I’ve always been about changing the world. One of the most important things that I’ve ever read concerning sustainable change is a two-page article about malnourished children in North Vietnam. Written by the Save the Children organization, the article is about that organization’s research on past attempts to eradicate malnutrition in the area. According to the article, none of those earlier efforts provided a long-term solution. Development initiatives would provide feeding programs for malnourished children, but when those programs ended, the children would again become malnourished. But Save the Children field-workers discovered that not all of the kids were malnourished. In fact, some were actually thriving. The workers decided to find out what the parents of the healthier children were feeding them. The workers learned that those parents were giving their children foods that weren’t necessarily the norm in the village — foods like shrimp, crabs, and the greens from sweet-potato plants. As a result, their kids were getting additional nutrients.
The workers decided to develop a program based on the way the healthy children ate to teach everyone in the village how to feed their children nutritiously. They offered two-week sessions, during which parents practiced gathering foods from the village that would benefit their children. After two years, 93% of the kids whose parents had participated in the program had been rehabilitated — and, more important, they remained that way for a long time.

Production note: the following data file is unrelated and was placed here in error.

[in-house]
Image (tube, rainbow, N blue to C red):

What the field-workers had done was to apply “positive deviance” — a concept created by nutritionist Marian Zeitlan that absolutely contradicts the so-called expert model of change that most organizations use. According to the expert model, if you bring in an expert to stir the pot, then eventually everybody will be convinced that they need to change. Positive deviance says that if you want to create change, you must scale it down to the lowest level of granularity and look for people within the social system who are already manifesting the desired future state. Take only the arrows that are already pointing toward the way you want to go, and ignore the others. Identify and differentiate those people who are headed in the right direction. Give them visibility and resources. Bring them together. Aggregate them.
In most organizations, the people who are pointed in the right direction are isolated in small working groups. They’re alone; they feel as if they’re the only ones who get it. But if you bring them together, even if it’s only for one day, suddenly they’re in the majority! They start their own newsletter or chat group. And in the process, they amplify who they are, and they demonstrate in a powerful, visible way that they are not alone. These are the concepts that begin to offer us a sense of the emerging paradigm for change.